The Life and Letters of George Gordon Meade: Major-general United States Army, Volume 1

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George Gordon Meade
Charles Scribner's Sons, 1913 - Mexican War, 1846-1848
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Page 5 - the President of the United States, I hereby assume command of the Army of the Potomac. As a soldier, in obeying this order—an order totally unexpected and unsolicited—I have no promises or pledges to make. The country looks to this army to relieve it from the devastation and disgrace of a
Page 312 - p. M. this day, is, in my judgment, so undeserved that I feel compelled most respectfully to ask to be immediately relieved from the command of this army. Halleck to Meade July 14: My telegram stating the disappointment of the President at the escape of Lee's army was not intended as a censure, but
Page 37 - If you think the ground and position there a better one to fight a battle under existing circumstances, you will so advise the General, and he will order all the troops up. You know the General's views, and General Warren, who is fully aware of them, has gone out to see General Reynolds. Later. 1.15
Page 122 - An enemy superior in numbers and flushed with the pride of a successful invasion, attempted to overcome and destroy this Army. Utterly baffled and defeated, he has now withdrawn from the contest. The privations and fatigue the Army has endured, and the heroic courage and gallantry it has displayed will be matters of history to be remembered.
Page 5 - invasion. Whatever fatigues and sacrifices we may be called upon to undergo, let us have in view, constantly, the magnitude of the interests involved, and let each man determine to do his duty, leaving to an all-controlling Providence the decision of the contest. It is with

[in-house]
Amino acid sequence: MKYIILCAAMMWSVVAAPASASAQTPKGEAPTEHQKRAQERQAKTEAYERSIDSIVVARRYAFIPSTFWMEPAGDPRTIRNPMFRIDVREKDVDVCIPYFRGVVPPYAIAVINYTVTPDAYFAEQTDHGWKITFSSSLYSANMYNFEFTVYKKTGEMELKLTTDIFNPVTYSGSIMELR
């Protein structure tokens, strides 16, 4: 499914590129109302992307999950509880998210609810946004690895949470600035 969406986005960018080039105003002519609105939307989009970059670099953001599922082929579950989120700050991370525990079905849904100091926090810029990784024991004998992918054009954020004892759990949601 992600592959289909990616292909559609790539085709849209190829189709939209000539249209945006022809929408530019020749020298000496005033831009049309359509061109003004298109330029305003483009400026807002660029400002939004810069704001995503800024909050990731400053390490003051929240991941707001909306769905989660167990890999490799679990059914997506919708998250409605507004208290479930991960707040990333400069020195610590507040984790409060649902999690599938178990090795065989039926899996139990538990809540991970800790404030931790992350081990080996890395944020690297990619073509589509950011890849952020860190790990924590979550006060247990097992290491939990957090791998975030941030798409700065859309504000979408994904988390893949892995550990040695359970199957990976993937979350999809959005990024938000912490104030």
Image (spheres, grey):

Page 397 - I utterly deny, under the full solemnity and sanctity of my oath, and in the firm conviction that the day will come when the secrets of all men shall be made known—I utterly deny having intended or thought for one instant to withdraw that army, unless the military contingencies •which the future should
Page 11 - If Lee is moving for Baltimore, I expect to get between his main army and that place. If he is crossing the Susquehanna, I shall rely upon General Couch, with his force, holding him until I can fall upon his rear and give him battle.
Page 329 - with no loss of material except a few disabled wagons and two pieces of artillery, which the horses were unable to drag through the deep mud." It seems that General Meade and the recalcitrant members of the
Page 34 - without interference with the responsibilities that devolve upon you both. You have all the information which the General has received, and the General would like to have your views. The movement of your Corps to Gettysburg was ordered before the positive knowledge of the enemy's withdrawal from Harrisburg and concentration was received.
Page 4 - send from your army any officer or other person you may deem proper; and to appoint to command as you may deem expedient. In fine, General, you are intrusted with all the power and authority which the President, the Secretary of War, or the General-inChief can confer on you, and you may rely

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